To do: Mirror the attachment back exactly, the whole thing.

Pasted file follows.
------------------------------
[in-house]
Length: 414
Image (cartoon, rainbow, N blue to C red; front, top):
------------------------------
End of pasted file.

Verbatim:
[in-house]
Length: 414
Image (cartoon, rainbow, N blue to C red; front, top):